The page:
“This is an excellent programme to boost understanding of marine protected areas and the role it can play in sustainable development. It gives our people an opportunity to see how effective coral reef management is done in another community. Importantly, they are gaining insights from the major work being done to rectify some of the issues with the world’s longest barrier reef. It’s a unique experience.”

Citing the fellows’ exposure to an intensive leadership course at Orpheus Island Research Station, which included theory and exercises to plan, problem solve and teamwork, Dr Leslie urged the fellows to be agents of change across the Caribbean.

“At this point in our development it is important that we ensure that whatever we do, we do not make the assumption that resources are unlimited and that all our actions are resilient and our environment is protected,” Dr Leslie added.

The Caribbean and Pacific fellows are part of an Australia Awards Fellowship programme funded by the Department of Foreign Affairs and Trade, titled Improving coral reef management for sustainable development in the Caribbean and Pacific. Australia Awards are prestigious international Scholarships and Fellowships funded by the Australian Government to build capacity and strengthen partnerships. The programme supports short-term study, research and professional development opportunities in Australia for mid-career professionals and emerging leaders.

The fellowship programme was organised and hosted by Reef Ecologic, an environmental consulting company with expertise on coral reef management, which was founded by former Great Barrier Reef Marine Park Authority employees Dr Adam Smith and Dr Paul Marshall.

“We have observed the decline of coral reefs globally and we recognized that training of future leaders is essential for turning the tide towards a more sustainable future. Australia is the world leader in coral reef conservation and marine resource management. This Fellowship is a chance to share Australia’s expertise with the world,” said Dr Marshall.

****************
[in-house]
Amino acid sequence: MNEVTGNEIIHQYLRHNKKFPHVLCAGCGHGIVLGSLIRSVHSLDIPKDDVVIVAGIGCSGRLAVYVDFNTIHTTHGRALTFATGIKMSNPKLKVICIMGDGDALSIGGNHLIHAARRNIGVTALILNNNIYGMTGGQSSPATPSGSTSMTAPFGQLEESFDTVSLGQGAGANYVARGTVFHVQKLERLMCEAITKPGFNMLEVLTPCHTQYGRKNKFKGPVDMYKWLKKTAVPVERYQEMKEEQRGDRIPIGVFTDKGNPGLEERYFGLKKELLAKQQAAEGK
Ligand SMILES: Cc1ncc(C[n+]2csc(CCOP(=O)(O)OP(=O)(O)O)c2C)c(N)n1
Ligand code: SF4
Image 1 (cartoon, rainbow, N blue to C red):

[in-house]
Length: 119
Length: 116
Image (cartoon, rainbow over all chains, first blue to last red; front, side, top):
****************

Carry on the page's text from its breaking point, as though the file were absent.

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The Caribbean Community Climate Change Centre coordinates the region’s response to climate change. Officially opened in August 2005, the Centre is the key node for information on climate change issues and the region’s response to managing and adapting to climate change. We maintain the Caribbean’s most extensive repository of information and data on climate change specific to the region, which in part enables us to provide climate change-related policy advice and guidelines to CARICOM member states through the CARICOM Secretariat. In this role, the Centre is recognized by the United Nations Framework Convention on Climate Change, the United Nations Environment Programme, and other international agencies as the focal point for climate change issues in the Caribbean. The Centre is also a United Nations Institute for Training and Research recognised Centre of Excellence, one of an elite few. Learn more about how we’re working to make the Caribbean more climate resilient by perusing The Implementation Plan.

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Barrier Reef coral genetically altered in hope of surviving Climate Change

Coral species from different climes being mixed as a form of ‘assisted evolution’ to see if it will help them adapt more quickly to rising sea temperatures.

Coral Bleaching: Just 1C to 2C of further warming in areas of the reef already under pressure could push it beyond what it can recover from. Photograph: Dan Dennison/AP

Coral Bleaching: Just 1C to 2C of further warming in areas of the reef already under pressure could push it beyond what it can recover from. Photograph: Dan Dennison/AP

The Australian government’s marine research agency is looking to genetically alter species of coral to help them cope with rising sea temperatures, as new modelling showed the coverage of living corals on the Great Barrier Reef could decline to less than 10% if warming continued.